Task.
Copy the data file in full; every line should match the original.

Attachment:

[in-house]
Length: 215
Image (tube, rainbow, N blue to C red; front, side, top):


[in-house]
Length: 215
Image (tube, rainbow, N blue to C red; front, side, top):